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ZOJ Problem Set - 1775
Generating the Subgroups of a Finite Group

Time Limit: 2 Seconds      Memory Limit: 65536 KB

In the study of abstract algebra, a mathematical structure you are introduced to early in the subject is the GROUP. Technically, a group is a coordinate pair consisting of a set and a binary operator, although the set can also be referred to as a group under the binary operator. The binary operator of the group must have the following properties: 1.) it must be closed over the set of the group; 2.) it must be associative over the set of the group; 3.) the set must have an identity element under the binary operator; and, 4.) each element must have an inverse under the binary operator. For example, the set of integers is a group under addition, but is not a group under multiplication.

Each group may, in turn, have subgroups, which consists as a subset of the group and the same binary operator. The subgroup, of course, is a group by itself. From the above example, the set of even integers is a subgroup of the group of integers under addition.

The study of groups underlies many self-contained deterministic mathematical structures, and the study of finite groups is a staple of abstract algebra. An example of a finite group is the remainder set of modulo 9 (that is, {0, 1, 2, 3, 4, 5, 6, 7, 8}) under addition modulo 9. It must be noted that each subgroup subdivides the parent group into exclusive equal-sized sets called equivalence classes, or cosets. For example, the set of even integers generates the equivalence classes of the set of even numbers and the set of odd numbers. For another example, the group of the remainder set of modulo 9 has a subgroup {0, 3, 6} which generates the equivalence classes {0, 3, 6}, {1, 4, 7} and {2, 5, 8}.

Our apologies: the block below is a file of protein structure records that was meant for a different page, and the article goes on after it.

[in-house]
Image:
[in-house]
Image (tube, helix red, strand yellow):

You are asked to generate all of the subgroups of a given finite group.


In the input, the first line will contain the number of groups you will analyze, which will be a number from 1 to 5. This will be followed by blocks containing the groups themselves.

Each block for one group will start with a line with a number n from 1 to 24. This will be the size (number of elements) of (the set of) the group. The elements of (the set of) the group will be {0, 1, ..., n-1}. This will be followed by the group table, which is composed n lines, each of which should be a permutation of 0, 1, ... , n-1, the numbers separated by commas. The group table will determine the results of the binary operation of the group. To elaborate, if ~ denotes the binary operator of the group, the fifth number on the third line of a group table indicates the result of 2~4. In general, the result of m~n is the (n+1)th number on the (m+1)th line of the group table.

Each group indicated thus can be assumed to follow the description of a group, and its implied binary operator will be closed over the set, be associative, have an identity element, and each element will have an inverse element.


Output must contain the proper subgroups of each of the groups indicated in "groups.in". Proper subgroups are proper subsets of the set of a group.

The elements of each subgroup must be sorted in increasing order. For each group, the subgroups must be sorted by increasing size, and for subgroups of the same size, the subgroups must be sorted by increasing elements: {2, 4, 7, 8} will come before {2, 4, 7, 10} and {2, 5, 6, 7}.

After listing the subgroups of each group, show a line starting with 3 asterisks and followed by a space and a number indicating the number of subgroups of that group.

Sample Input


Sample Output

0, 3, 6
*** 2
0, 2
1, 2
2, 3
*** 4

Source: Asia 2003, Manila (Philippine)
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